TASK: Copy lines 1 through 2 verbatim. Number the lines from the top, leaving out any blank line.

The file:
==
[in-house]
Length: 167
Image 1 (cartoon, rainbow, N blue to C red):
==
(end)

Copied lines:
[in-house]
Length: 167